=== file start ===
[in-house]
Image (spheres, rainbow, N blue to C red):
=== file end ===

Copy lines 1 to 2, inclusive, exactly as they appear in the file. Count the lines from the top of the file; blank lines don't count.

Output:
[in-house]
Image (spheres, rainbow, N blue to C red):